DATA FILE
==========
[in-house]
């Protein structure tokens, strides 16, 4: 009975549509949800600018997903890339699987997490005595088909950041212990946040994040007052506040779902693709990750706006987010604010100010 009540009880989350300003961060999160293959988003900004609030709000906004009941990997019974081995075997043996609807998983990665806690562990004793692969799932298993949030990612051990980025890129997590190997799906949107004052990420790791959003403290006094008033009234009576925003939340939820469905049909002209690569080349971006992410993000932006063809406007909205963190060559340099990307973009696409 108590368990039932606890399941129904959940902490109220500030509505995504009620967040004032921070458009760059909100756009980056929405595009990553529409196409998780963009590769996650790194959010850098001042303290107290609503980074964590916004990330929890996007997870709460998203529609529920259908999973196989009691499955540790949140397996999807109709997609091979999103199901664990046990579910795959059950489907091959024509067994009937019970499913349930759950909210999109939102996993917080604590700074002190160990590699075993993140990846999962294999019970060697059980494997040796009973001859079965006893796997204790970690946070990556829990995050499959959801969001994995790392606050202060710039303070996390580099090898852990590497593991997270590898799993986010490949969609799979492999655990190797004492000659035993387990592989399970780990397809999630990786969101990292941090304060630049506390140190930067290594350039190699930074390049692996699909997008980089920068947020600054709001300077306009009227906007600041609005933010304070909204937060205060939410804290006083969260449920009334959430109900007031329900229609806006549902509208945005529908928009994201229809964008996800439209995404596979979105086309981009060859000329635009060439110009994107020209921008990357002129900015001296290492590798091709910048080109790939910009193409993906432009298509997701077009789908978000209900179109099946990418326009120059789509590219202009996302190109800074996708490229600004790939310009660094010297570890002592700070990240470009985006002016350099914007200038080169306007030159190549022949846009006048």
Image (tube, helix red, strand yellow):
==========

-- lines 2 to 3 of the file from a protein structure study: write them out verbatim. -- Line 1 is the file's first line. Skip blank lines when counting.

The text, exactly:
């Protein structure tokens, strides 16, 4: 009975549509949800600018997903890339699987997490005595088909950041212990946040994040007052506040779902693709990750706006987010604010100010 009540009880989350300003961060999160293959988003900004609030709000906004009941990997019974081995075997043996609807998983990665806690562990004793692969799932298993949030990612051990980025890129997590190997799906949107004052990420790791959003403290006094008033009234009576925003939340939820469905049909002209690569080349971006992410993000932006063809406007909205963190060559340099990307973009696409 108590368990039932606890399941129904959940902490109220500030509505995504009620967040004032921070458009760059909100756009980056929405595009990553529409196409998780963009590769996650790194959010850098001042303290107290609503980074964590916004990330929890996007997870709460998203529609529920259908999973196989009691499955540790949140397996999807109709997609091979999103199901664990046990579910795959059950489907091959024509067994009937019970499913349930759950909210999109939102996993917080604590700074002190160990590699075993993140990846999962294999019970060697059980494997040796009973001859079965006893796997204790970690946070990556829990995050499959959801969001994995790392606050202060710039303070996390580099090898852990590497593991997270590898799993986010490949969609799979492999655990190797004492000659035993387990592989399970780990397809999630990786969101990292941090304060630049506390140190930067290594350039190699930074390049692996699909997008980089920068947020600054709001300077306009009227906007600041609005933010304070909204937060205060939410804290006083969260449920009334959430109900007031329900229609806006549902509208945005529908928009994201229809964008996800439209995404596979979105086309981009060859000329635009060439110009994107020209921008990357002129900015001296290492590798091709910048080109790939910009193409993906432009298509997701077009789908978000209900179109099946990418326009120059789509590219202009996302190109800074996708490229600004790939310009660094010297570890002592700070990240470009985006002016350099914007200038080169306007030159190549022949846009006048």
Image (tube, helix red, strand yellow):